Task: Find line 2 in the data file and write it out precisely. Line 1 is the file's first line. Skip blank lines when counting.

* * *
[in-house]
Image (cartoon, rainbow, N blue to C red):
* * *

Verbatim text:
Image (cartoon, rainbow, N blue to C red):